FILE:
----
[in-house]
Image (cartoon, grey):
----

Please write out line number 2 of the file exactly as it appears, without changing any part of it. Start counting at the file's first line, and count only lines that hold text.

Image (cartoon, grey):